Wednesday, August 26, 2015

Outlast the doctors!

It is once again that time of year. Time to check in with Dr. Hema and discuss with him the progress of my apparent remission from lymphoma. As you recall, the remission's state and progress are measured by blood tests. A week or so before my scheduled visit, I first visit a nice lady with a sharp needle to extract a few vials for testing. By so doing, the results are available for discussion at the time of the visit with Dr. Hema.

The results are very close to the same as the last several visits. For example, the M-spike number is now 0.2; almost exactly where is has been for several years. The IgM number is just slightly high at 398.

Dr. Hema said that an M-spike anywhere over 0.0 indicates that the lymphoma is still present. However, its stability, hovering around 0.2 for several years, indicates that it is quiet and that no immediate treatment is needed. He has consistently told me that it may remain quiet for a year or a decade or forever. He says there is no need to treat until the numbers ramp up, if ever.

When it appeared to be time to schedule my next follow-up visit, Dr. Hema announced that he is retiring at the end of the year. It is a sad and a happy announcement. Sad, because Dr. Hema and his wonderful staff skillfully and with smiling, patient faces brought me from, " Bill, you have a rare and dangerous lymphoma," all the way to, "Bill, your numbers are great. No treatments needed. See you later!" I will admire and respect him for my entire life, but I will miss him as he enjoys a well-deserved retirement. I am very happy for him because I am, as you may know, a fan of retirement!

I am being reassigned to a colleague who is in an office many miles closer to our home. While I will appreciate that, I will miss Dr. Hema, Nurse K, Patty the Piercer and all of the wonderful people I have come to appreciate so much over the years.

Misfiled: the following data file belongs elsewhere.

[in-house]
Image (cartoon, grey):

After hugs for all, my adorable wife and I celebrated with a very nice lunch and a toast to continued good health.

Thursday, February 26, 2015

The good, bad and ugly

Well, it has been an eventful couple of weeks here in the Carolinas. As I have reported on this blog previously, I have suffered from cardiac arrhythmia for most of my adult life. Most of the time, it has been well controlled by medication; you probably never even know I had it. Once in a while, for no reason at all, the medications stop working as effectively as before and are changed. Most of the time, that's all it takes and I resume my normal operations; you know, relaxing and enjoying life to the fullest.

A couple of weeks ago, my heart went to atrial fibrillation. It's a fairly dangerous condition that sometimes leads to stroke or death. I doubled my medication, a process previously discussed with the doctors, but it didn't subside. Yes; I have two cardiologists!

After consulting the doctors, I had a cardioversion. Cardioversion is a medical procedure by which an abnormally fast heart rate (tachycardia) or cardiac arrhythmia is converted to a normal rhythm using electricity, in my case.

It's not as scary as it looks, however.

I am happy to report that my pulse has returned to a normal rate and that I am fine. 

Next I visited Dr. Hema. The results of my tests were about the same as previously. My M-spike number was 0.2. That's about as close to zero, meaning cured, as I seem to be able to get without actually being cured. I feel perfectly fine and the doctor and I have no reason to believe that my lymphoma will ever be an issue again.

Although we pretty much knew the answer before we walked in, it is always great to hear it from the doctors mouth. As is our custom, we celebrated with a nice lunch and a few high-fives!

In spite of these issues, I feel pretty lucky. At my age, several of my contemporaries from my high school days have not survived. I feel like I am doing quite well.

Thank you again, gentle reader, for your well-wishes.